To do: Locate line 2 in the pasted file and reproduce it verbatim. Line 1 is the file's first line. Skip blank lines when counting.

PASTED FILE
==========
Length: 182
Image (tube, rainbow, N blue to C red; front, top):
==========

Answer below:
Image (tube, rainbow, N blue to C red; front, top):